How can nature and biodiversity help improving public health and social cohesion?
A two-day intense workshop took place last week in Brussels organised by IEEP (Institute for European Environmental Policy) to present the results of a research on “Health and Social Benefits of Biodiversity and Nature Protection” and took place in the Committee of the Regions, on the 27th-28th January 2016.
How can nature and biodiversity help improving public health and social cohesion? What are the benefits of Natura 2000 sites, other protected areas and wider green infrastructure to human health and wellbeing? Those were some of the aspects discussed during the workshop, with the support of a large number of case studies from all over Europe.
The crucial role and the benefits Protected Areas are providing for health and social cohesion were highlighted by EUROPARC President Ignace Schops, with the support of brilliant case studies presented by parks and member organisations. Among them: Scottish Natural Heritage, Parks and Wildlife of Finland, Hoge Kempen National Park (Be), Razna National Park (Lt), Medvednic Nature Park (Cr), Pembrokeshire National Park (Uk).
Protected areas are Community Hubs and Health Hotspots and EUROPARC is committed to value those experiences and move from the guidance to the wider implementation and promotion of good practices across protected areas in Europe
said Carol Ritchie, EUROPARC Director.
EUROPARC congratulates IEEP and the EC for the successful workshop and the interesting research, and is keen to contribute to future developments in this field.
Below you can download the IEEP background report, with interesting information about the cases studies introduced at the Workshop. Take the opportunity to learn more about Health in Protected Areas with a set of case studies from EUROPARC Network, created by EUROPARC working group on Health in PAs.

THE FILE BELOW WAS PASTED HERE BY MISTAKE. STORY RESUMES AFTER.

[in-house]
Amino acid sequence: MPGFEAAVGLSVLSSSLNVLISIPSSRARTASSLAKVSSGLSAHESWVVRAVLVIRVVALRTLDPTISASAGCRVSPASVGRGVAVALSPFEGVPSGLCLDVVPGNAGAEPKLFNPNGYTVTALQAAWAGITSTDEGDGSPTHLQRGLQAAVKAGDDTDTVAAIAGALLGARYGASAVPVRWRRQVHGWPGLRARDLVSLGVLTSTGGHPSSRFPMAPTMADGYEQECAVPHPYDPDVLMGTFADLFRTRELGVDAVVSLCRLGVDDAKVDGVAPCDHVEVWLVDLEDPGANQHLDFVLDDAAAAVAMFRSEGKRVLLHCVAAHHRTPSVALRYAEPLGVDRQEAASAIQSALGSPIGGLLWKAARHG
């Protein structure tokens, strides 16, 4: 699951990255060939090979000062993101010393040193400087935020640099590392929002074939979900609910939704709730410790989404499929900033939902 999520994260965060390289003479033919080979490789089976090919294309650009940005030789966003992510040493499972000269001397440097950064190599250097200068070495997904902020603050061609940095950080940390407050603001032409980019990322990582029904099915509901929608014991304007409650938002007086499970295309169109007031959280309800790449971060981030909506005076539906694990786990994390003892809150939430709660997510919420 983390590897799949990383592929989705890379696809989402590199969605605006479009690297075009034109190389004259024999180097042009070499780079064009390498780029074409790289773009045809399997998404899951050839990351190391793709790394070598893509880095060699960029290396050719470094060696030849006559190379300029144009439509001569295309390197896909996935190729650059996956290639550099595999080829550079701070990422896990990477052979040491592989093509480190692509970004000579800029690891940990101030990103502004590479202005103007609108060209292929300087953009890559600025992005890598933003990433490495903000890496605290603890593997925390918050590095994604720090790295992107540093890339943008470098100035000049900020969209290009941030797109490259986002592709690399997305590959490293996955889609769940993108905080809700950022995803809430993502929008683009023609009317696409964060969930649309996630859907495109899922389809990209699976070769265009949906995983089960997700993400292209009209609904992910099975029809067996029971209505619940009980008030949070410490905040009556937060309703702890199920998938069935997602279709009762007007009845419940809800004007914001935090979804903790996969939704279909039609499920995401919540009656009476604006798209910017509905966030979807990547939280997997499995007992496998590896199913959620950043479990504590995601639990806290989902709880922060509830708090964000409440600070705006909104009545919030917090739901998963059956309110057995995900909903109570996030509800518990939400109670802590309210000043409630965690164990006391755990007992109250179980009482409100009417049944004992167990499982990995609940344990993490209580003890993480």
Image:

EU Parliament votes for Biodiversity
On the 2nd of February the European Parliament has approved – with a very large majority – a report on the Mid-term Review of the EU Biodiversity Strategy.
The Parliament calls for a more effective implementation and better enforcement of the Birds and Habitats Directives and express its opposition to a possible review of the two directives.
In order to halt the biodiversity loss, the Parliament expresses also the need for more adequate financial resources, better coherence and integration with other legislations and improvements in conservation and management measures.
EUROPARC welcomes the result of this important vote which shows a concrete ambition to effectively implement and strengthen nature protection in Europe.
The report is available here.
Workshop: Managing invasive plant and animal species in the protected areas of Central and Eastern Europe
On the 2nd May 2016, experts from protected areas of Central and Eastern Europe will gather at Hortobágy National Park (Hungary) to share their practical experience on how to combat invasive/alien species in protected areas. The workshop is organised by the Central and Eastern Europe Section and is based on a simple idea: to organize cost effective workshops for „our own” experts to collect relevant experience on nature protection practices.
Therefore, the Section is currently inviting international experts from protected areas within the CEE region to join the event and share their practical experience on how to combat invasive/alien species in protected areas.
We are looking for „practical management/field experience” type presentations and experts. Participants will have 20
Registration is free, but due to limited places, the first round of provisional registration is until 15.03.2016.
Download below the invitation with the full description of the workshop.
Women and Protected Areas
EUROPARC-España, in partnership with Fundación Fernando González Bernáldez and Altekio Iniciativas hacia la Sostenibilidad is developing a project about the role of Women in Spanish Protected Areas. It aims to raise increase the involvment of women in the governance of protected areas, and find new opportunities for the economic and social development of rural areas. The project is designated “Women, drivers for economic diversification of the rural areas and for the improvement of governance in nature protected areas” (“Mujeres, motores para la diversificación económica en el medio rural y para la mejora de la gobernanza a través de los espacios naturales protegidos) and all information is available here.
Women are still a minority in the corridors of power and decision-making in the management of Spain’s protected areas. It is estimated that there are 34% of women in executive and co-ordination positions versus 66% of men. In technical jobs, women represent 42% versus 58% of men. The project offers the first diagnosis on the role of women in Spain’s protected areas and an analysis of the entrepreneurship opportunities linked to the values of natural areas. Protected areas are key sites settings for the conservation of nature. They are also territories in which to live and work, which combine social and economic development with the enjoyment of their heritage values.
The first report is already available in english, and can be downloaded below.